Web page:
Terry jokes about running the show with a tighter reign this time, and there's some slightly uncomfortable moments where he pokes a female contestant, and comes out with lecherous remarks about some of the panellists that go beyond his normal level, including propositioning Sandra Dickinson. But while such things may seem awkward to watch in the very different climate of 2021, they come from a man who was a virgin on his wedding night.
     Terry spoke regarding the period in an interview with The Daily Mail noting: "Things were a bit different then. You can’t justify what went on, but it was a lot more lax in the sense of the way men and women, boys and girls, behaved towards each other. [...]  It was accepted [...] Obviously, in my case and in the case of the great majority of disc jockeys and presenters, we weren’t that foolish."

10 Episode Two

Guest Panellists: Jack Douglas, Wendy Craig, Patrick Moore, Judy Geeson, Eddie Large, Syd Little and Aimi MacDonald.

The only appearance of Little & Large in the Wogan era, a duo who would make just one more appearance as part of a Les Dawson Christmas Special six years later. A large percentage of this site's demographic probably, like me, grew up watching their shows on Saturday nights, and enjoying them despite their obvious limitations. There was a kind of harmless, inane appeal to their act, and, while their ITV rivals Cannon and Ball may have been technically more proficient, they had a coldness that Syd and Eddie didn't possess. (Bobby Ball was reported as saying that before he converted to Christianity, he used to enjoy knocking people out.)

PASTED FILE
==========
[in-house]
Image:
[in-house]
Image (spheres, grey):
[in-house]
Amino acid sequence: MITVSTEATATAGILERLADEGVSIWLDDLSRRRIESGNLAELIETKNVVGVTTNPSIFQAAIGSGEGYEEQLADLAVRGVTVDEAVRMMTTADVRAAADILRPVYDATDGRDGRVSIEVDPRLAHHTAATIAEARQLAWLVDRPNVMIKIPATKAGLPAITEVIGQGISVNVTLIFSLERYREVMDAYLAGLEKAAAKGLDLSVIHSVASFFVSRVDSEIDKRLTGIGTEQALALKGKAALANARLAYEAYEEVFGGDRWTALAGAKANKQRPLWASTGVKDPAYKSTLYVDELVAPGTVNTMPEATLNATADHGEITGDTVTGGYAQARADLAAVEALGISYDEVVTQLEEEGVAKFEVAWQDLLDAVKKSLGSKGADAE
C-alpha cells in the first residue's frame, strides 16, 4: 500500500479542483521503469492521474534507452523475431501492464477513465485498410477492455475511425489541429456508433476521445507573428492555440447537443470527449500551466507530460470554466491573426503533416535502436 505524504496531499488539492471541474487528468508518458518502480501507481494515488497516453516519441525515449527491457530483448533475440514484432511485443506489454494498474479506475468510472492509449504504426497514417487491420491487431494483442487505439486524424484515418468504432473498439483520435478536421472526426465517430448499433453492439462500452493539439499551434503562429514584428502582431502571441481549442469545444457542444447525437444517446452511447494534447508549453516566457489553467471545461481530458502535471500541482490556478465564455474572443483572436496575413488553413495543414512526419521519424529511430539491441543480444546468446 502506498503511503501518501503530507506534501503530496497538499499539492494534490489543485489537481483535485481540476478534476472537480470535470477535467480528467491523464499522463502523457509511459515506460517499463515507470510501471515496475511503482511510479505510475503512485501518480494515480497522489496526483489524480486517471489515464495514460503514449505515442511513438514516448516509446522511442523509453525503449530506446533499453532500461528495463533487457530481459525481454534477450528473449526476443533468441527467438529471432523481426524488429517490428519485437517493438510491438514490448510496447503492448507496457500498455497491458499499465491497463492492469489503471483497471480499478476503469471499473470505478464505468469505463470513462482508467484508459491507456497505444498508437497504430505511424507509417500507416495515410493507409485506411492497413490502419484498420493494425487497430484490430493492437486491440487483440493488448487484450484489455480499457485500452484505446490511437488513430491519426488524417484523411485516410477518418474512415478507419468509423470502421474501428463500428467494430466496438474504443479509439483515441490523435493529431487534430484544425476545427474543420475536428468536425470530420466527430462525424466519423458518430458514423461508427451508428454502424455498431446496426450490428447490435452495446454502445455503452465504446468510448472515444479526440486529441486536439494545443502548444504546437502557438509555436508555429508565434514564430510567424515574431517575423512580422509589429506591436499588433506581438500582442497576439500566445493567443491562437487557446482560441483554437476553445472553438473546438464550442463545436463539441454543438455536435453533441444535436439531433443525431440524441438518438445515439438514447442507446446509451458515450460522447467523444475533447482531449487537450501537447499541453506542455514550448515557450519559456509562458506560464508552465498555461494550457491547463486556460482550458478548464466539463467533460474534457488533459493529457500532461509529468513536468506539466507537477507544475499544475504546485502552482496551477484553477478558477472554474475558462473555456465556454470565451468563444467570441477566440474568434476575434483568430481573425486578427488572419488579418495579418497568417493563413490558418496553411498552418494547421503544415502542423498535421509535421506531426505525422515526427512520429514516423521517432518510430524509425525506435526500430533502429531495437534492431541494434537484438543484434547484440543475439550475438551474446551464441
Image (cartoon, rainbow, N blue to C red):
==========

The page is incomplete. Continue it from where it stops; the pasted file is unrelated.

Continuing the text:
Yet while Cannon and Ball openly admitted to feuding while their show was on the air, Syd and Eddie's main fall out was post-show, and they conducted their spat in the pages of their respective autobiographies in the mid 2000s. Oddly, Syd had already written one, 1999's Little Goes A Long Way, which was a fairly bland tale that said nothing negative about Eddie, other than his irritation at Syd doing a bad performance one night. However, they were still working together in pantomime at the time... it wasn't until the split, with 2004's Little By Little that Syd began to criticise Eddie, though it was co-written with a Chris Gidney, which may explain why the content was "beefed up", even suggesting Syd had a heart attack as a result of being pressured. 2005's Larger Than Life saw Eddie counter: "I was hurt and angered by the suggestions in his autobiography that I had behaved badly towards him during our long partnership. He accused me of bullying him, which was a surprise to me".